Alison Mason Kingsbury Bishop was an enthusiastic supporter of the DeWitt Historical Society, now known as The History Center in Tompkins County. The artist generously donated a number of pieces to the Society. This is the first of a series of rotating exhibitions as The History Center unveils its art holdings in its Historic Paintings Unwrapped show.
Part II, December: Henry Walton (1804 - 1865) & Jefferson Beardsley (1833 – 1895)
The second month of our Historic Paintings Unwrapped features the work of local artists Henry Walton, Jefferson Beardsley, and others. Walton, who lived in the Finger Lakes region for part of his life, painted exquisite watercolor views of Ithaca in the 1830s and 1840s. Beardsley was an innovative photographer as well as a painter in Ithaca during the mid and late 19th century. He often worked with Cornell faculty and students as his subjects.
Part III, January / February: Walter Glenn Norris (1895 – 1969)
Walter Glenn Norris was a lifelong Ithacan whose paintings have contributed to our understanding of local history. He was appointed as the first Tompkins County Historian in 1944, a position he held for 25 years.
As both a historian and an artist, Norris is known for his meticulous research in preparation for his paintings. Often using primary sources from the collection of the DeWitt Historical Society, now The History Center, he produced detailed and accurate watercolor paintings and maps depicting both important and lesser-known events, colorful characters, and early landscapes. He served as president, and then librarian, for the society, continuing in that role and as the county historian until his death in 1969.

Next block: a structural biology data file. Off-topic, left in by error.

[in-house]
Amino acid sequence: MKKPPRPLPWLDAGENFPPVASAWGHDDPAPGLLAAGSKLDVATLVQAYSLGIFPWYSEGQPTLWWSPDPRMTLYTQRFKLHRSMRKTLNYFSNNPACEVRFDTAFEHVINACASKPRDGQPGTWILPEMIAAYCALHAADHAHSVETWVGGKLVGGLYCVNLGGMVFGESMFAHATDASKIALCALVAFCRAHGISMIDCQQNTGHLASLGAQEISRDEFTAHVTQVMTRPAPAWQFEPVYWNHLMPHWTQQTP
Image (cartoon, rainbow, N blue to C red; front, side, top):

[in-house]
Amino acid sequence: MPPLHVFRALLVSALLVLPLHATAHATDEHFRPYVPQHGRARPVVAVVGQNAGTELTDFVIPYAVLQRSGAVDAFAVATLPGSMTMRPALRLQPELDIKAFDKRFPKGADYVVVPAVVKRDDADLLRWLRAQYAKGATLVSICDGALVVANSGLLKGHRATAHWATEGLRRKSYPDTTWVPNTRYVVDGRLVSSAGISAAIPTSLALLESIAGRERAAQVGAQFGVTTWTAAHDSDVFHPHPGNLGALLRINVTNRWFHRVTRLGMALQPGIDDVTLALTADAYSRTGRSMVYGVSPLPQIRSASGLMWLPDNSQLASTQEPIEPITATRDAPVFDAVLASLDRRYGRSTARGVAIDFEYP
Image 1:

Part IV, March: Portraits with a Touch of Landscape
The History Center's painting collection is dominated by portraits bequeathed to the organization by a variety of Ithacans who, at one point or another, were well heeled enough to commission an artist to render their likeness. This month's chapter of the Historic Paintings Unwrapped rotating exhibition features a selection of these portrait paintings. All are composed in oils and follow similar conventions in form with sitters vertically framed from the midsection up. Their clothing varies in degrees of formality, as do their expressions – from half-smiles to aloof countenances. The selection surveys almost 150 years with a variety of subjects and artists represented. Despite notable commonalities, the differences between each portrait are striking and can be quite telling of both the sitter and their time.
Part V, April: Edward Mack Curtis Hawkins (1877 – 1948)
Edward Mack Curtis Hawkins was an impressionistic landscape painter based in Ithaca from 1896 to 1935. With his wife May Palmer, a painter in her own right, Hawkins worked out of The Loft Studio at 120 East State Street. After moving on from Ithaca, he worked in New York City and Baltimore before he and his wife finally settled in Newburgh, NY.
As a young painter in Ithaca, Hawkins was a student of Jefferson Beardsley, an accomplished local portrait painter and photographer. Hawkins' own oeuvre was dominated by landscapes that were viewed by the press of the time as remarkable for their use of color and atmosphere.
Cayuga Lake, the longest of New York’s Finger Lakes, lies at the heart of Tompkins County. More than 38 miles long and 3 ½ miles wide at its widest point, Cayuga Lake is famous for its beauty, and for the gently rolling lands surrounding it. Commercial boating thrived here since the early 19th century as steamboats and ferryboats traveled the lake, and recreational and competitive boating and swimming have brought fun and prosperity to lakeside communities.
Opening on June 16th, this exhibit uses artifacts and images to depict the commerce and the sport, the swimmers, and the steamboats that have made lake life rich and rewarding. See early 20th century bathing suits, images of 1890s crew races, and a replica of the famous Frontenac, the magnificent Cayuga Lake steamboat that came to so tragic an end.